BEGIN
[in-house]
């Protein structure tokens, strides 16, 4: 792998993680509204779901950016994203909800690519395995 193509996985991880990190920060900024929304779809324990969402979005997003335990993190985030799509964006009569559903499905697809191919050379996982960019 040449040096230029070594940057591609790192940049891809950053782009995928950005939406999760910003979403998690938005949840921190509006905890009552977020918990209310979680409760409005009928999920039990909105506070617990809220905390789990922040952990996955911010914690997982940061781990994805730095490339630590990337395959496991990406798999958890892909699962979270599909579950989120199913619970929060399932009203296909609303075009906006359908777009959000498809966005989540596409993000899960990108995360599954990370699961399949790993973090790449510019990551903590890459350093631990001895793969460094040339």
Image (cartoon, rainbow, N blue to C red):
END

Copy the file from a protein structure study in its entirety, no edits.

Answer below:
[in-house]
């Protein structure tokens, strides 16, 4: 792998993680509204779901950016994203909800690519395995 193509996985991880990190920060900024929304779809324990969402979005997003335990993190985030799509964006009569559903499905697809191919050379996982960019 040449040096230029070594940057591609790192940049891809950053782009995928950005939406999760910003979403998690938005949840921190509006905890009552977020918990209310979680409760409005009928999920039990909105506070617990809220905390789990922040952990996955911010914690997982940061781990994805730095490339630590990337395959496991990406798999958890892909699962979270599909579950989120199913619970929060399932009203296909609303075009906006359908777009959000498809966005989540596409993000899960990108995360599954990370699961399949790993973090790449510019990551903590890459350093631990001895793969460094040339």
Image (cartoon, rainbow, N blue to C red):